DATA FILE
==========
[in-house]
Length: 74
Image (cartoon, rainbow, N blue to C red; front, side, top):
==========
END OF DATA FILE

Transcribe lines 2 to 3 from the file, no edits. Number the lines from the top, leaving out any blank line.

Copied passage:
Length: 74
Image (cartoon, rainbow, N blue to C red; front, side, top):